In this second instalment, the exhibition showcases for the first time 59 new colour pictures from the botanical sketches drawn by botanical artist Yamada Toshio, resulting from his collaboration with botanist Makino Tomitarō. This newly discovered collection from the University Museum, the University of Tokyo testifies to the history of botanical art that supported botanical research in the university.
[Organizer] The University Museum, the University of Tokyo (UMUT)
【Botanical sketches by Yamada Toshio】
In 2017, botanical sketches were newly found in the backyard of the University Museum, the
University of Tokyo (UMUT). All the illustrations were drawn by Yamada Toshio (1882−1941), a botanical artist active from late Meiji to early Shōwa eras. He is known as one of the illustrators of An Illustrated Flora of Nippon (1940), a monumental botanical publication written by Makino Tomitarō (1862−1957), a famous botanist in Japan. 534 illustrations (367 colour pictures and 167 line drawings) drawn between 1909 and 1937 were found. Many of them bear on the reverse side information on when the illustrations were made, and how the specimens were collected. It is noteworthy that Yamada collected materials by accompanying Makino on the field, or by receiving items collected by Makino himself in the Koishikawa Botanical Gardens. Thus, these illustrations are thought to have been made under the guidance of Makino.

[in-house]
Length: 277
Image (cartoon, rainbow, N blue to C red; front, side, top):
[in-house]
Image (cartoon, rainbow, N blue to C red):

Many drawings proved to be original illustrations of Makino’s publications, such as An Illustrated Flora of Nippon, An Illustrated Analytical Key to the Japanese Common Plants (1950) or Illustrations of Alpine Plants in Japan (1953). These illustrations are not only excellent and truthful depictions of plants, but they are also worthy in clarifying the process behind Makino’s publications.